In Mesa, Arizona, Vivo Living is creating an apartment complex out of a former Ramada Inn. In Pinellas County, Florida, Miami-based Eagle Property Capital Investments LLC and Mexico-based private equity firm Promecap have partnered for a renovation. Two local hotels, the 95-room TownePlace Suites and the 88-room Residence Inn (both operated by Marriott St. Petersburg Clearwater) will be converted into a single-family community called “Pelican Lake Apartments.”
Hotels are another business that requires in-person presence, but unlike the aforementioned businesses, they also depend on travel. Covid has led to a decrease in traveland therefore less used for hotels.
The loss of these companies is the gain of another. The fact that current redevelopment projects are focusing on the creation of housing speaks to a real estate market problem frequently cited by agents: inventory, or lack thereof. Among the benefits the Spinnaker/Eastpointe project will have for the community of Bridgeport, Connecticut, Finger cited a greater supply of market-priced housing in the area.
What good is more housing if people don’t want to live there? This shapes the areas that are targeted for these projects. Asked about the types of properties Spinnaker favors for construction and investment, Spinnaker Vice President of Development Frank Caico said, “Urban/suburban and close to a train station, excellent access to a freeway and also part of a district”.
Caico adds, “The other thing I would say is that it’s a very different environment in the Northeast and Connecticut where a lot of our communities are already very built up, so the availability of properties or land for redevelopment is not as plentiful as in other markets. Then the eligibility process tends to take a lot longer, whereas in some of these other markets it might be easier to find opportunities, but you’re competing against a lot more people. Even though it’s easier to build in some of these other markets, you almost have to be a little more careful because there’s so much more competition because the barriers to entry are lower.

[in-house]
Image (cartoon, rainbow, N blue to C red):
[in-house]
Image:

This does not mean, however, that the renovations are going smoothly. Indeed, COVID has actually erected greater barriers to redevelopment due to supply chain disruptions.
Bryan Robik, Finger’s Co-Managing Partner at Eastpointe, explained the challenges his company has recently faced: “We have encountered the uncertainty of construction costs, particularly lumber, but it has little stabilized now or seems to be. Generally, anticipating market increases.
Construction is not the only place where the question of cost arises. The former AMC Classic Raleigh 15 property was purchased by Jonathan Greenwood’s Asprings, LLC, for $3.9 million, a huge drop from the $13.3 million price paid by previous owners in 2010. The Records from the county show that the property has an estimated value of $3.75 million.
Similarly, Rodrigo Conesa, Managing Director of Eagle Property Capital Investments, says of the purchase of his business: “Negotiations for both hotels began at the height of the Covid-19 crisis, allowing us to negotiate an attractive price for two high quality properties which are perfectly suited for conversion into apartments.
Renovating these businesses may be the developer’s area of expertise, but to complete that renovation, they need to close the sale. Navigating these sales is where brokers and agents come in.
Devin Meenan is the Associate Editor of RISMedia. Email him your story ideas at firstname.lastname@example.org.